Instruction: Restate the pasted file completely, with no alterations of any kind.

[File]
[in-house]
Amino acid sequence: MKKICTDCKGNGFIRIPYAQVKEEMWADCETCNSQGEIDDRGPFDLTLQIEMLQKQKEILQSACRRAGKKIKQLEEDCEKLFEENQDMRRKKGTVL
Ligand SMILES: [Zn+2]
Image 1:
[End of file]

[in-house]
Amino acid sequence: MKKICTDCKGNGFIRIPYAQVKEEMWADCETCNSQGEIDDRGPFDLTLQIEMLQKQKEILQSACRRAGKKIKQLEEDCEKLFEENQDMRRKKGTVL
Ligand SMILES: [Zn+2]
Image 1: